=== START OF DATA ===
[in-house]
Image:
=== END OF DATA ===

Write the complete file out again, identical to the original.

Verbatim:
[in-house]
Image: